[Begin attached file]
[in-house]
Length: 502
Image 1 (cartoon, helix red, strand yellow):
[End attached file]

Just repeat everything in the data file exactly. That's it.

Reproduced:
[in-house]
Length: 502
Image 1 (cartoon, helix red, strand yellow):